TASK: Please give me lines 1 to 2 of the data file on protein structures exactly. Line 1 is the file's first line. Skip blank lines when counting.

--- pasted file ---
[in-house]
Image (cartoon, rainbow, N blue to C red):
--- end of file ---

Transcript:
[in-house]
Image (cartoon, rainbow, N blue to C red):